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The accuracy of digital pathology compared to traditional pathology is not well studied, and some factors favor one over the other. Here are some things to keep in mind when considering implementing digital pathology in your practice:

Favoring Traditional Pathology

1. Direct Microscopy

Traditional pathology involves the direct examination of tissue-bearing slides under a microscope, providing the ability to focus through the third dimension of a tissue section: its thickness (or z-plane). While these sections are only about 4-5 microns thick (less than the size of a red blood cell), viewing all levels of tissue specimen does allow for evaluation of nuclear and cytoplasmic detail that is superior to a single-plane image that typifies most digital scans. 

Having said that, viewing the z-plane is not required in most specimens, and veteran digital pathologists do not seem to “miss” it. For those concerned, there are two alternatives: 1) use a scanner that allows for z-plane scanning with its associated larger file size, and 2) view the glass slide when needed.

2. Familiarity

Pathologists have extensive experience with traditional microscopy, especially those who have been in practice for decades, and this comfort may, at least initially, contribute to more accurate diagnoses. Another advantage for some using a glass slide is the ability to speedily navigate the slide. However, this difference is often minimized with experience using digital viewing software and image navigation devices.

3. No Digital Artifacts

Digital pathology may occasionally introduce artifacts due to image capture, display, or compression. Traditional pathology avoids these potential issues.

Favoring Digital Pathology

1. Enhanced Visualization

Digital pathology creates high-resolution images that can be viewed on high-quality displays. Such viewing can provide pathologists with a detailed and magnified view of histology, potentially aiding in the identification of subtle or very focal abnormalities. The quality of the whole slide image scanner, viewing software, and screen resolution will impact the appearance of the image, so it is critical to ensure the products you select provide a high-quality result that you are comfortable with.

2. Image Analysis Tools

Artificial intelligence algorithms are becoming increasingly available and accurate and can assist pathologists in identifying, quantifying, and characterizing various diagnostic entities. These tools can reduce human error and improve intra- and inter-observer consistency. Lumea’s digital pathology platform integrates with many AI companies that are available with the click of a button. Over time, access to these tools will likely have the greatest impact on diagnostic accuracy.

3. Easier Remote Consultations

Digital pathology facilitates easier remote consultations and second opinions, allowing pathologists to collaborate with experts from different locations. Lowering the barrier of access to colleagues and other experts can lead to more accurate diagnoses.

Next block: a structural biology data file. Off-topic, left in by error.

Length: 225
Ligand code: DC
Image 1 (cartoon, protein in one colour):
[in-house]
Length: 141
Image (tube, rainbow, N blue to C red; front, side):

4. Ready Retrieval of Archived Material

Archived digital slides are easier to retrieve for comparison with prior pathologic material, which can improve the accuracy and quality of a diagnosis. While also true for glass slides, timely access is often a barrier to practical use.

5. Creative Viewing

Digital images are available for creative viewing. For example, Lumea’s technology allows for multiple section levels and special stains to be viewed simultaneously, even allowing for simultaneous image navigation and zooming of up to 3 images at a time. Not only can this speed up viewing of all available levels, but it can also allow for easy tracking of a single focus of interest across levels and various stains, possibly helping improve diagnostic accuracy.

Several studies have compared the accuracy of digital and traditional pathology in various contexts. The results have been mixed, with some studies showing comparable accuracy between the two methods while others highlight potential advantages in specific scenarios for digital pathology.

In summary, whether digital pathology is more accurate than traditional pathology can vary depending on the circumstances, the specific case, and the familiarity of the pathologist. Digital pathology offers advantages in terms of image analysis, unique viewing options, ready access to archived materials, and easy remote collaboration. Traditional pathology has the advantage of familiarity and the ability to focus through the thickness of a tissue section. The choice between the two methods will depend on the specific needs and resources of the healthcare institution.

Interested in learning more about how digital pathology could positively impact your practice? Request information today about our unique product lines like our histology tech that improves specimen quality downstream for better diagnostic accuracy, our all-in-one LIS, or our consulting services. You can also try our IMS/Viewer for free today!

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